Sat. May 25th, 2024

Asian stock markets showed mixed results on Friday, as strong earnings from US tech giants Microsoft and Alphabet tempered concerns about a potential tech rally correction. The news provided some relief after earlier reports had dampened sentiment, particularly with the yen falling to a 34-year low due to the Bank of Japan’s decision to maintain its interest rate stance.

Investor sentiment in Asia was boosted by a positive earnings season, thanks to robust performances by major tech firms. Microsoft and Alphabet’s results exceeded forecasts, with Alphabet also announcing its first dividend. This came amid mixed economic data in the United States, leading to concerns about a potential stagflation scenario as consumer spending fell below expectations and core inflation exceeded estimates.

These results helped propel US stock futures, with tech companies in Asia also experiencing gains. In particular, Hong Kong-listed Meituan, Japan’s Advantest, and Samsung in Seoul were among those riding the momentum. The overall effect of the US tech earnings was visible across the region’s markets, with Hong Kong, Tokyo, Seoul, Taipei, and Manila recording gains.

However, not all Asian markets followed the upward trend. Sydney, Singapore, Wellington, Mumbai, Jakarta, and Bangkok experienced declines, reflecting the lingering uncertainty over the broader economic outlook. The European markets presented a mixed picture, with London achieving a record high while Paris and Frankfurt also saw gains.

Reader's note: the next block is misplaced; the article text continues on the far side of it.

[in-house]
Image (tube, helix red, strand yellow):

On Wall Street, the major indexes ended the previous session in the red, though they managed to recover from their initial lows. The US economy’s growth for the first quarter fell significantly short of expectations, coupled with consumer spending that failed to meet estimates. Additionally, an unexpectedly high core inflation index added to concerns about the US economic trajectory.

Investors are now closely watching the Federal Reserve’s upcoming announcement on its preferred gauge of inflation, the Personal Consumption Expenditures (PCE) index, to gain insights into future interest rate policies. This comes after several months of above-forecast consumer price index readings, leading to uncertainty regarding how the Federal Reserve might respond to inflationary pressures.

Meanwhile, in Tokyo, the yen’s downward trend continued, hitting 156.82 against the dollar by Friday afternoon. This has fueled speculation about potential intervention by Japanese officials, following the Bank of Japan’s decision to maintain interest rates, in contrast to last month’s rate hike. The persistent decline in the yen has raised concerns and prompted warnings from officials about possible measures to support the currency.

Overall, the mixed signals from global markets underscore the delicate balance between positive earnings and broader economic challenges. Investors are cautiously optimistic but remain vigilant about ongoing inflationary pressures and economic growth trends.

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